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Meiosis Drives Extraordinary Genome Plasticity in the Haploid Fungal Plant Pathogen Mycosphaerella graminicola

  • Alexander H. J. Wittenberg ,

    Contributed equally to this work with: Alexander H. J. Wittenberg, Theo A. J. van der Lee, Sarrah Ben M'Barek

    Current address: Keygene N.V., Wageningen, The Netherlands

    Affiliations Plant Research International B.V., Wageningen University and Research Centre, Wageningen, The Netherlands, Graduate School Experimental Plant Sciences, Laboratory of Plant Breeding, Department of Plant Sciences, Wageningen University and Research Centre, Wageningen, The Netherlands

  • Theo A. J. van der Lee ,

    Contributed equally to this work with: Alexander H. J. Wittenberg, Theo A. J. van der Lee, Sarrah Ben M'Barek

    Affiliation Plant Research International B.V., Wageningen University and Research Centre, Wageningen, The Netherlands

  • Sarrah Ben M'Barek ,

    Contributed equally to this work with: Alexander H. J. Wittenberg, Theo A. J. van der Lee, Sarrah Ben M'Barek

    Affiliations Plant Research International B.V., Wageningen University and Research Centre, Wageningen, The Netherlands, Graduate School Experimental Plant Sciences, Laboratory of Phytopathology, Department of Plant Sciences, Wageningen University and Research Centre, Wageningen, The Netherlands

  • Sarah B. Ware,

    Affiliations Plant Research International B.V., Wageningen University and Research Centre, Wageningen, The Netherlands, Graduate School Experimental Plant Sciences, Laboratory of Phytopathology, Department of Plant Sciences, Wageningen University and Research Centre, Wageningen, The Netherlands

  • Stephen B. Goodwin,

    Affiliation United States Department of Agriculture (USDA)-Agricultural Research Service (ARS), Crop Production and Pest Control Research Unit, and Department of Botany and Plant Pathology, Purdue University, West Lafayette, Indiana, United States of America

  • Andrzej Kilian,

    Affiliation Diversity Arrays P/L, Yarralumla, Canberra, Australian Capital Territory, Australia

  • Richard G. F. Visser,

    Affiliations Plant Research International B.V., Wageningen University and Research Centre, Wageningen, The Netherlands, Graduate School Experimental Plant Sciences, Laboratory of Plant Breeding, Department of Plant Sciences, Wageningen University and Research Centre, Wageningen, The Netherlands

  • Gert H. J. Kema ,

    Affiliation Plant Research International B.V., Wageningen University and Research Centre, Wageningen, The Netherlands

  • Henk J. Schouten

    Affiliation Plant Research International B.V., Wageningen University and Research Centre, Wageningen, The Netherlands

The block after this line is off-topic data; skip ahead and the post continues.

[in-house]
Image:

Meiosis Drives Extraordinary Genome Plasticity in the Haploid Fungal Plant Pathogen Mycosphaerella graminicola

  • Alexander H. J. Wittenberg, 
  • Theo A. J. van der Lee, 
  • Sarrah Ben M'Barek, 
  • Sarah B. Ware, 
  • Stephen B. Goodwin, 
  • Andrzej Kilian, 
  • Richard G. F. Visser, 
  • Gert H. J. Kema, 
  • Henk J. Schouten


Meiosis in the haploid plant-pathogenic fungus Mycosphaerella graminicola results in eight ascospores due to a mitotic division following the two meiotic divisions. The transient diploid phase allows for recombination among homologous chromosomes. However, some chromosomes of M. graminicola lack homologs and do not pair during meiosis. Because these chromosomes are not present universally in the genome of the organism they can be considered to be dispensable. To analyze the meiotic transmission of unequal chromosome numbers, two segregating populations were generated by crossing genetically unrelated parent isolates originating from Algeria and The Netherlands that had pathogenicity towards durum or bread wheat, respectively. Detailed genetic analyses of these progenies using high-density mapping (1793 DArT, 258 AFLP and 25 SSR markers) and graphical genotyping revealed that M. graminicola has up to eight dispensable chromosomes, the highest number reported in filamentous fungi. These chromosomes vary from 0.39 to 0.77 Mb in size, and represent up to 38% of the chromosomal complement. Chromosome numbers among progeny isolates varied widely, with some progeny missing up to three chromosomes, while other strains were disomic for one or more chromosomes. Between 15–20% of the progeny isolates lacked one or more chromosomes that were present in both parents. The two high-density maps showed no recombination of dispensable chromosomes and hence, their meiotic processing may require distributive disjunction, a phenomenon that is rarely observed in fungi. The maps also enabled the identification of individual twin isolates from a single ascus that shared the same missing or doubled chromosomes indicating that the chromosomal polymorphisms were mitotically stable and originated from nondisjunction during the second division and, less frequently, during the first division of fungal meiosis. High genome plasticity could be among the strategies enabling this versatile pathogen to quickly overcome adverse biotic and abiotic conditions in wheat fields.